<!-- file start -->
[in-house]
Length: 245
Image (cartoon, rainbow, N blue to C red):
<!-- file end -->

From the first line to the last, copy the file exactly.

[in-house]
Length: 245
Image (cartoon, rainbow, N blue to C red):